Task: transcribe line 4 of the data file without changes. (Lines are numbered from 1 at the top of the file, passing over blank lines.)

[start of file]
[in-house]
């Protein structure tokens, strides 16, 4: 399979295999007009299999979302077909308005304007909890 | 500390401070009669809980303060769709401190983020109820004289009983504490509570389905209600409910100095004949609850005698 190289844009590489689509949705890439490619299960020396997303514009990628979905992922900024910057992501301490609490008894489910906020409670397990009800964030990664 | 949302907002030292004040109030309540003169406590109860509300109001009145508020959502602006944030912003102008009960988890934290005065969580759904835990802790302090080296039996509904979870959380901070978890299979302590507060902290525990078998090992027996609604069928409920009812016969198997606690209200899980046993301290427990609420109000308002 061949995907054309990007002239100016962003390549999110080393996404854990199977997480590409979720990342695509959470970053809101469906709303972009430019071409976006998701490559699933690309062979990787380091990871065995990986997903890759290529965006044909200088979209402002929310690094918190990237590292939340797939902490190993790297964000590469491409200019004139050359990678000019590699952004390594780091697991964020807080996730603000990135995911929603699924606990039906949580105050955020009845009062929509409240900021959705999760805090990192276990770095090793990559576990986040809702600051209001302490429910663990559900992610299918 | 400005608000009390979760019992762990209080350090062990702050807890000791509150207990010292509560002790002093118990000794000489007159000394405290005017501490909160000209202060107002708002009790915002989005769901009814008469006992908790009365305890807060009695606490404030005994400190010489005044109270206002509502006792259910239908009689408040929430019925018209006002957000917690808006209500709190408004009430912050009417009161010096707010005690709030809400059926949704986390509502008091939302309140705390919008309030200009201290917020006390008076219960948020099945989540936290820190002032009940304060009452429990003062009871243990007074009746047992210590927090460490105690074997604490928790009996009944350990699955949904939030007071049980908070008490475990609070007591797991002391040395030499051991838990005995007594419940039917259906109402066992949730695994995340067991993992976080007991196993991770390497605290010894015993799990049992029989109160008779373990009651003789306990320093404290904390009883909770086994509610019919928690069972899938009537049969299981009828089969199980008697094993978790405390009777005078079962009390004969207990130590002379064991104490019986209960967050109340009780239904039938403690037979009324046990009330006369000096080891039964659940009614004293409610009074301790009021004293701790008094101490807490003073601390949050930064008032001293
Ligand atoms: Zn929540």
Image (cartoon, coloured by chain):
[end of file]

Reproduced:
Image (cartoon, coloured by chain):